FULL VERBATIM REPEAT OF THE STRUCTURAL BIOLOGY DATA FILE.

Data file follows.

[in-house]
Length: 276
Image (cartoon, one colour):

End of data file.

[in-house]
Length: 276
Image (cartoon, one colour):